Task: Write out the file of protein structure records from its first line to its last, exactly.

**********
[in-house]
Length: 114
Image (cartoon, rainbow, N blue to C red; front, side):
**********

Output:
[in-house]
Length: 114
Image (cartoon, rainbow, N blue to C red; front, side):